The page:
Bakkensen, a UA assistant professor, added: “While information does not reduce damages directly, it allows for better decision making that will reduce destruction and save lives, often at low cost. Staying up to the minute on information can help you stay safe, especially during the monsoon.”
For the report, Bakkensen and Johnson, a UA master’s student of public policy, relied on data indicating economic activity and performance for Tucson and 11 other large metropolitan areas in the southwestern region of the U.S.
For a period spanning 1996 to 2016, Bakkensen and Johnson evaluated the performance of sectors including construction, education, health services, hospitality and trade. Their investigation included an analysis of broad categories of weather events: thunderstorms, tornadoes, extreme heat, floods, winter weather, ocean events, wind events, hail, droughts and wildfires.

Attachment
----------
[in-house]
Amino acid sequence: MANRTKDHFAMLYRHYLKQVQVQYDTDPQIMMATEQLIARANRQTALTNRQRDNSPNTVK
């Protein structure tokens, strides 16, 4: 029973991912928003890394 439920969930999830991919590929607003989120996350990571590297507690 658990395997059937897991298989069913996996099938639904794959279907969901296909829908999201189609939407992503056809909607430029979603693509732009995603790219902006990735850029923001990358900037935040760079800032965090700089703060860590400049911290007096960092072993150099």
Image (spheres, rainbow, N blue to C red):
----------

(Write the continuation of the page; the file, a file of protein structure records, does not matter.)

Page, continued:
Their other findings, spanning the 21-year period and focusing on an 8-state region in the west, included:
- Of the weather events recorded, the Tucson region has the greatest number at 995; the San Diego region followed with 973 and the area around Colorado Springs had 871. The Portland region had the fewest extreme weather events, at about 83.
- The 12 regions studied saw 177 weather-caused wildfires, with 278 instances of weather-caused drought, resulting in more than $2.84 billion in property damage.
- Flooding and hailstorms were common in most of the regions studied, with Tucson, Austin, Las Vegas and San Antonio having the greatest frequency.
- Thunderstorms make up 47 percent of the 995 extreme storm events that have occurred in the Tucson region.